Politics Manchin keeps Washington guessing on what he wants
Joe Manchin's Approval Rating Drops as Senator Rebuffs Infrastructure Bill
The Democratic senator has seen a steady decline in approval among the state's voters since 2019, but remains popular.Manchin now enjoys 42 percent approval in West Virginia, compared with 37 percent of respondents who disapprove. This is a notable change compared with results in the same poll in October, 2020.
The fight over Democrats' $3.5 trillion spending bill is reviving one of Washington's most perennial questions: What does Sen. Joe Manchin (D-W.Va.) want?
Manchin, who occupies the proverbial eye of the 50-50 Senate, is back in the spotlight amid a highly fraught debate over the heart of President Biden's legislative agenda. He's backchanneling with his colleagues, shadowboxing with progressives through the media and feeding GOP hopes that he'll scale down the bill.
Manchin, Sanders set for clash over Biden spending package
Sens. Joe Manchin (D-W.Va.) and Bernie Sanders (I-Vt.) are hurtling toward a showdown over President Biden's $3.5 trillion spending plan, as they draw red lines around their legislative priorities.The two veteran lawmakers are at opposite ends of the Senate Democratic caucus, with no close working relationship and some high-profile public splits in their past.But the White House and Democratic leaders will need to figure out a way to bring them together, and satisfy their contradictory demands, or suffer a massive defeat of the party's top goals."They really do mirror each other in terms of representing different ends of the Democratic coalition. ...
Manchin, for his part, says he's being clear in an effort to not catch anyone off guard.
"Everybody knows my position," Manchin told reporters in one of several gaggles packed into the Senate's two-day work week. "I've been very clear, very open. I didn't want anybody to say it was a surprise."
Manchin has drawn a hard line on not accepting a $3.5 trillion bill and urged his colleagues to hit "pause" on the legislation altogether-a request he reiterated during a closed-door Democratic caucus meeting this week.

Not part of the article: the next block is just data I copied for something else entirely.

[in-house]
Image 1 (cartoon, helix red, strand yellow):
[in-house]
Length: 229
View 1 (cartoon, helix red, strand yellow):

"Guys, my opposition is pretty well stated, I don't know what else to tell you," Manchin told reporters.
Asked about Senate Budget Committee Chairman Bernie Sanders (I-Vt.) vowing that the bill will be $3.5 trillion, Manchin added: "God bless him."
Joe Manchin Attacks AOC After Accusation He 'Huddles' With Oil Lobbyists
The West Virginia senator accused his fellow Democrat of "just speculating and saying things" during a Sunday interview.Ocasio-Cortez, a progressive Democratic congresswoman who represents parts of Queens and the Bronx, tweeted on September 2 that "Manchin has weekly huddles w/ Exxon & is one of many senators who gives lobbyists their pen to write so-called 'bipartisan' fossil fuel bills." Her post followed Manchin, a centrist Democrat from West Virginia, arguing against a $3.5 trillion spending plan she favors in a Wall Street Journal op-ed.
Manchin isn't just any senator. The chair of the Energy and Natural Resources Committee, he's tasked with drafting some of the clean energy and climate provisions, including a Clean Energy Payment Program that would offer incentives to transition the nation to clean energy. Democratic senators who view the program as a priority have been trying to win over Manchin.
The House bill includes the clean energy program, but Manchin has been cagey about his own plans. "I'm not going to negotiate this in the press, I'm really not," he said.
Manchin isn't on the health and education committee but he's pitching income-based caps for some of the benefits being drafted under the committee's jurisdiction inducing universal pre-K and the two years of free community college.
And he's been in communication with Senate Finance Committee Chairman Ron Wyden (D-Ore.), even though he isn't a member of the committee either.
Joe Manchin says AOC is not entitled to her 'own facts' after she said he's beholden to big energy companies
Manchin, a centrist Democrat, is urging his party to slow down the passage of a $3.5 trillion social spending bill. See more stories on Insider's business page. Democratic Sen. Joe Manchin said he "absolutely" does not have weekly meetings with Exxon and slammed Democratic Rep. Alexandria Ocasio-Cortez after she said he was beholden to big energy companies. Last week, Ocasio-Cortez criticized Manchin for urging Democrats to slow down the passage of a $3.
Wyden is responsible for the herculean task of figuring out how to pay for the bill including how high to raise the corporate tax rate. Though Biden pitched 28 percent and House Democrats settled on 26.5 percent, Manchin has signaled that he thinks it shouldn't go higher than 25 percent.
"I've talked to him a number of times and he's had constructive ideas," Wyden said about his conversations with Manchin.
The spending bill isn't the only thing that's thrown attention back on Manchin. He was part of a group of Democratic senators who rolled out a new voting rights bill this week. And, as one of Democrats' few holdouts on changing the filibuster, he's the caucus's unofficial emissary to try to win over the 10 GOP senators the bill would need to break a 60-vote filibuster and met with Senate GOP Leader Mitch McConnell (R-Ky.).